Wirral MP says government should take note of link between school absences and poverty

Margaret Greenwood is calling on the government to take action on child poverty by bringing forward measures including cutting the cost of school uniforms and providing free breakfast clubs in every primary school in England. 

Labour has pledged to do so, should it win the next election. 

The Wirral West MP made her intervention during a debate in the House of Commons on the subject of ‘children not in school’. 

Recent analysis by Labour found that, between 2016 and 2022, the number of children missing half their lessons trebled across England. The research also estimates that more than 1,300 pupils in Wirral will miss half of their lessons by 2026. 

Leading teachers’ union, the National Education Union (NEU) has warned that the impact of poverty on persistent school absence cannot be underestimated.  

Speaking after the debate, Margaret Greenwood MP said, “It is alarming that the number of pupils in Wirral, and across England, missing half of their lessons has been steadily rising and is predicted to continue to rise over the coming years.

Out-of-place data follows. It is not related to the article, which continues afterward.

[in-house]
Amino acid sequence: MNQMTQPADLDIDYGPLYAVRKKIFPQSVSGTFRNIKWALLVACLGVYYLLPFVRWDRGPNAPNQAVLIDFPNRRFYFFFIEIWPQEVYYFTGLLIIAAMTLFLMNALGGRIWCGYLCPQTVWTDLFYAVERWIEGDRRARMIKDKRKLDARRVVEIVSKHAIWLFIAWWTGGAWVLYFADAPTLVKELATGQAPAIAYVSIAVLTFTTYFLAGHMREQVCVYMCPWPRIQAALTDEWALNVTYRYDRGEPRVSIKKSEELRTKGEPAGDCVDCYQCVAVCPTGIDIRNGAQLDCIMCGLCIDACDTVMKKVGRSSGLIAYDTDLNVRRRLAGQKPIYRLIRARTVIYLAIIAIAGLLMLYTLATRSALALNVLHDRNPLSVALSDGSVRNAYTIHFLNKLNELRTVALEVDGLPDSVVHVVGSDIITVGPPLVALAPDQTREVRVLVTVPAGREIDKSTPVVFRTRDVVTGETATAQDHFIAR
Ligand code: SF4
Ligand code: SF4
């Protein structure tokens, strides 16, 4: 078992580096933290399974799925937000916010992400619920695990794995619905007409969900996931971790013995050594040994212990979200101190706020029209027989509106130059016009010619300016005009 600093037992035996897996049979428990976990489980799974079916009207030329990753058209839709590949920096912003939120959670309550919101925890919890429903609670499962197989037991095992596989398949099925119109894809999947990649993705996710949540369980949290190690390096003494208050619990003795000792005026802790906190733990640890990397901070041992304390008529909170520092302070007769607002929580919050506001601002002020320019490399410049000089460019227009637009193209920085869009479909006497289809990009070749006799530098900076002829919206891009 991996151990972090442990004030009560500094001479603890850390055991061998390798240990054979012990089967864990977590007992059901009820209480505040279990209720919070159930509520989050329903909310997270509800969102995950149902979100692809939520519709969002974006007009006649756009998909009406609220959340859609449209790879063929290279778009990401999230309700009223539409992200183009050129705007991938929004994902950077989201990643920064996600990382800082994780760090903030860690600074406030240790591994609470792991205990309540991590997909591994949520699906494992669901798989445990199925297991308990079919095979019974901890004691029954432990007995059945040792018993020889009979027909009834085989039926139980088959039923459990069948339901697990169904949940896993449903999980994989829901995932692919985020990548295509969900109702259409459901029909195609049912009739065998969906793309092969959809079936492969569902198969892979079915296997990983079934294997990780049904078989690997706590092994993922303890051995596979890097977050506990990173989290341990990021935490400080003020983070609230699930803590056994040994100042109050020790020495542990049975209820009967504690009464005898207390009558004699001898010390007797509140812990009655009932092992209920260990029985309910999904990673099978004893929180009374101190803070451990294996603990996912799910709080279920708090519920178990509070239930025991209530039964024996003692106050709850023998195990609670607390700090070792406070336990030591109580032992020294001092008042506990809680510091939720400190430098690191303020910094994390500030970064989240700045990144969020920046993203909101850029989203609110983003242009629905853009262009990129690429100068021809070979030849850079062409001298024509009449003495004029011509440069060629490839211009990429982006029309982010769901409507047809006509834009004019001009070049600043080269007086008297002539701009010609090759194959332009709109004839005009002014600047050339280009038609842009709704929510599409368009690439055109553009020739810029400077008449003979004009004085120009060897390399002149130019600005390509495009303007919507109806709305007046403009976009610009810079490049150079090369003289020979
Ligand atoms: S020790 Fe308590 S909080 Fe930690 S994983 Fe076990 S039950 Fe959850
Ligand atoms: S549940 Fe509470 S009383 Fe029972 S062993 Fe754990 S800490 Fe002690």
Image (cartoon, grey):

“As a former school teacher, I know just how important school is for children and young people. 

“Yet the government is failing to get to grips with persistent school absence. They are failing too on child poverty. 

“The House of Commons Education Select Committee has found that reasons behind persistent absences are complex and can include physical and mental health issues, as well as coming from a disadvantaged background.   

“There is also a wealth of evidence that the assessment system and pupils being over-tested at school can put them under great pressure. 

“The NEU has pointed out that we cannot under-estimate the impact of poverty on school absence. 

“That is just one of the reasons why the government should listen to Labour and cut the cost of school uniforms and provide free breakfast clubs in every primary school in England. 

“Ministers should also adopt Labour’s plan to give every young person access to early mental health support. 

“I know from the schools that I visit in Wirral West just how dedicated teachers are. They are ambitious for the children and young people they teach.  

“We need that dedication to be matched by government with action on poverty, mental health support in schools and a review of the curriculum and the exam system.  

“School should be a positive experience for every child. It’s time the government put the wellbeing of children and young people at the heart of education.” 

Image credit: Oleksandr P

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